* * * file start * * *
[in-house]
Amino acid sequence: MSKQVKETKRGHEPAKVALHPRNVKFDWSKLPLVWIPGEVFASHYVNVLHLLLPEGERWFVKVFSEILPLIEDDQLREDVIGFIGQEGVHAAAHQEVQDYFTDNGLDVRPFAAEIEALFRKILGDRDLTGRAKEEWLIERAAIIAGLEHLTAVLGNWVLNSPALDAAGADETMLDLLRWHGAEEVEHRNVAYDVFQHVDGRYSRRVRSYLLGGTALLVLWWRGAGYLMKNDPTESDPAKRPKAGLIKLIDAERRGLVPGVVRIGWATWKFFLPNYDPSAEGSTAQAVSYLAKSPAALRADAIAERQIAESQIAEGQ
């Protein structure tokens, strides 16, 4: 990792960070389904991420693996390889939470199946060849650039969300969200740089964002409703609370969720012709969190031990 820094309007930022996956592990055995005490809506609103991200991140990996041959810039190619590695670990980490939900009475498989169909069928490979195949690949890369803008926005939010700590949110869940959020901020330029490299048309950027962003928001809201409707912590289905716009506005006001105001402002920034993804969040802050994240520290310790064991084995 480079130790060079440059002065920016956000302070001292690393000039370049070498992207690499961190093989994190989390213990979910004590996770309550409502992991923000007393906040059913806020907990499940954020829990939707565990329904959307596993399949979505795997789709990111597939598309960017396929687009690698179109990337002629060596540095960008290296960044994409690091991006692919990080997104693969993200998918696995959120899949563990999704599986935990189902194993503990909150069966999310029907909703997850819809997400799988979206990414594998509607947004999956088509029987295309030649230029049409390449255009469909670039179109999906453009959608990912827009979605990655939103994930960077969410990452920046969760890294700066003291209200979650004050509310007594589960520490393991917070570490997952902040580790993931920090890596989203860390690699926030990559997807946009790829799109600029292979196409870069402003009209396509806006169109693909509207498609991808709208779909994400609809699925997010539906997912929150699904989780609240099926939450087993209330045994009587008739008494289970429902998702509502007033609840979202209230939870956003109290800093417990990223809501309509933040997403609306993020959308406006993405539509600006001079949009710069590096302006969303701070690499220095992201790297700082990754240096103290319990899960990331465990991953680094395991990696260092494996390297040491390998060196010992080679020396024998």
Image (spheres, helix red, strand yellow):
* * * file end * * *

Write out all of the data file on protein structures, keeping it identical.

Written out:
[in-house]
Amino acid sequence: MSKQVKETKRGHEPAKVALHPRNVKFDWSKLPLVWIPGEVFASHYVNVLHLLLPEGERWFVKVFSEILPLIEDDQLREDVIGFIGQEGVHAAAHQEVQDYFTDNGLDVRPFAAEIEALFRKILGDRDLTGRAKEEWLIERAAIIAGLEHLTAVLGNWVLNSPALDAAGADETMLDLLRWHGAEEVEHRNVAYDVFQHVDGRYSRRVRSYLLGGTALLVLWWRGAGYLMKNDPTESDPAKRPKAGLIKLIDAERRGLVPGVVRIGWATWKFFLPNYDPSAEGSTAQAVSYLAKSPAALRADAIAERQIAESQIAEGQ
């Protein structure tokens, strides 16, 4: 990792960070389904991420693996390889939470199946060849650039969300969200740089964002409703609370969720012709969190031990 820094309007930022996956592990055995005490809506609103991200991140990996041959810039190619590695670990980490939900009475498989169909069928490979195949690949890369803008926005939010700590949110869940959020901020330029490299048309950027962003928001809201409707912590289905716009506005006001105001402002920034993804969040802050994240520290310790064991084995 480079130790060079440059002065920016956000302070001292690393000039370049070498992207690499961190093989994190989390213990979910004590996770309550409502992991923000007393906040059913806020907990499940954020829990939707565990329904959307596993399949979505795997789709990111597939598309960017396929687009690698179109990337002629060596540095960008290296960044994409690091991006692919990080997104693969993200998918696995959120899949563990999704599986935990189902194993503990909150069966999310029907909703997850819809997400799988979206990414594998509607947004999956088509029987295309030649230029049409390449255009469909670039179109999906453009959608990912827009979605990655939103994930960077969410990452920046969760890294700066003291209200979650004050509310007594589960520490393991917070570490997952902040580790993931920090890596989203860390690699926030990559997807946009790829799109600029292979196409870069402003009209396509806006169109693909509207498609991808709208779909994400609809699925997010539906997912929150699904989780609240099926939450087993209330045994009587008739008494289970429902998702509502007033609840979202209230939870956003109290800093417990990223809501309509933040997403609306993020959308406006993405539509600006001079949009710069590096302006969303701070690499220095992201790297700082990754240096103290319990899960990331465990991953680094395991990696260092494996390297040491390998060196010992080679020396024998």
Image (spheres, helix red, strand yellow):